Document Detail


Relative cost-effectiveness of a skin protectant in managing venous leg ulcers in the UK.
MedLine Citation:
PMID:  22885312     Owner:  NLM     Status:  MEDLINE    
Abstract/OtherAbstract:
OBJECTIVE: To estimate the clinical and cost-effectiveness of using a skin protectant (Cavilon No Sting Barrier Film [NSBF] or Cavilon Durable Barrier Cream [DBC]; 3M) compared with not using a skin protectant in the management of venous leg ulcers (VLUs), in the UK.
METHOD: A decision model was constructed depicting the patient pathways and associated management of a cohort of patients with and without a Cavilon formulation, plus dressings and compression. The model was based on the case records of a cohort of matched patients from The Health Improvement Network (THIN) database, who were first diagnosed with a VLU between 1 Jan 2008 and 31 Dec 2009. The model estimated the costs and outcomes of patient management over 6 months and the cost-effectiveness of using a Cavilon formulation relative to not using a skin protectant.
RESULTS: Patients' mean age was 80.2 years and 61% were female. Sixty-five per cent (n=166) of Cavilon patients received NSBF, and 35% received DBC. Between 6% and 9% of VLUs were healed at 6 months and 53-66% became infected. Healing was affected by a patient's age (OR: 0.944 for each additional year), but not by gender, level of exudate or wound size. There was a significantly greater reduction in wound size among patients in the NSBF group than in the other two groups (p<0.001). Additionally, there was no significant difference in the initial wound size of those VLUs that did and did not heal in the two Cavilon groups; however, initial size of the VLUs that healed in the control group was significantly smaller than those that did not (p<0.001). Resource use was similar between the three groups. Patients were predominantly managed by practice nurses, with a mean 37-38 nurse visits over the study period. Patients' dressings were changed, on average, every 4-5 days, with a mean of 3 dressings under a compression bandage. The total 6-monthly NHS cost of managing a VLU was ~£2200. Practice nurse visits were the primary cost driver, accounting for up to 58% of the 6-monthly NHS cost, whereas dressings accounted for <10% of the cost.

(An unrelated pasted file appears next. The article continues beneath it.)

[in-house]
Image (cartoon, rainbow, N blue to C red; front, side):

CONCLUSION: Use of NSBF leads to significantly greater wound size reduction than that observed in the other two groups and may facilitate the healing of larger wounds without increasing costs. Hence, use of NSBF for peri-wound skin protection in patients with exuding VLUs is the preferred treatment strategy.
DECLARATION OF INTEREST: This study was sponsored by 3M Health Care, manufacturers of Cavillon NSBF and Cavillon DBC. However, the authors have no other conflicts of interest that are directly relevant to the content of this manuscript, which remains their sole responsibility.
Authors:
J F Guest; R R Taylor; K Vowden; P Vowden
Publication Detail:
Type:  Journal Article; Research Support, Non-U.S. Gov't    
Journal Detail:
Title:  Journal of wound care     Volume:  21     ISSN:  0969-0700     ISO Abbreviation:  J Wound Care     Publication Date:  2012 Aug 
Date Detail:
Created Date:  2012-08-13     Completed Date:  2012-10-10     Revised Date:  2014-05-22    
Medline Journal Info:
Nlm Unique ID:  9417080     Medline TA:  J Wound Care     Country:  England    
Other Details:
Languages:  eng     Pagination:  389-94, 396-8     Citation Subset:  N    
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MeSH Terms
Descriptor/Qualifier:
Aged
Aged, 80 and over
Compression Bandages
Cost-Benefit Analysis
Dermatologic Agents / economics*,  therapeutic use*
Female
Great Britain
Health Care Costs*
Humans
Male
Matched-Pair Analysis
Middle Aged
Occlusive Dressings
Ointments
Outcome Assessment (Health Care) / economics*
Quality-Adjusted Life Years
Retrospective Studies
Varicose Ulcer / drug therapy*,  economics*
Wound Healing
Chemical
Reg. No./Substance:
0/Dermatologic Agents; 0/Ointments
Comments/Corrections
Comment In:
J Wound Care. 2012 Nov;21(11):570-1   [PMID:  23413496 ]
J Wound Care. 2012 Sep;21(9):439   [PMID:  22990396 ]

From MEDLINE®/PubMed®, a database of the U.S. National Library of Medicine


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